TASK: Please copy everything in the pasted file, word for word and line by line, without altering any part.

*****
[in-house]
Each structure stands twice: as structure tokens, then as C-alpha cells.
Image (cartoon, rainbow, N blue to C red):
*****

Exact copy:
[in-house]
Each structure stands twice: as structure tokens, then as C-alpha cells.
Image (cartoon, rainbow, N blue to C red):